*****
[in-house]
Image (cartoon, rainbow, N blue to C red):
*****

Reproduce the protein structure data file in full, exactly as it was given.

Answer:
[in-house]
Image (cartoon, rainbow, N blue to C red):